Diagram explanation

Each circle represents a company. The thickness of the lines between organizations represents the number of joint ventures, consortia, and other strategic alliances reported in the press over the one-year period 1 July to 30 June, as found in Factiva. As such the map shows activity rather than existing relationships, making it a view of how dynamic companies are. The size of the nodes reflects how many new relationships were reported in this period. The diagram is constructed so that the companies most central to the network are depicted at the center of the image.

Media industry networks 2005/06

medianetworks06_sml.gif

Media industry networks 2000/01

medianetworks01_sml.gif

Diagram commentary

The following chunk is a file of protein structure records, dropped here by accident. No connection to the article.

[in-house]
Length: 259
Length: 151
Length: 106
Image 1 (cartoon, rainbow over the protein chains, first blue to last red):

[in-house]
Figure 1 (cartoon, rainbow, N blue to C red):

What is first apparent from this analysis is that the media industry is far more deeply interconnected than it was five years ago. The growth in alliances and joint ventures reflects that it is increasingly necessary to work with other companies, for example in content and distribution deals. Microsoft has retained its position as most central to the media industry networks. New media companies such as Yahoo!, Google and eBay have rapidly become more prominent and central, with others that are more active including Apple, CBS, Viacom, and Sony Ericsson. Time Warner has developed new and strong relationships with Microsoft, CBS, and Google, while AT&T, despite its growth, has become less central. The mobile device manufacturers have become more integrated into the network, illustrating their shift to become true media players rather than simply selling phones. Overall the telecommunications companies remain relatively peripheral, which will need to change if they are to succeed in moving beyond selling connectivity. Print participants remain fairly isolated.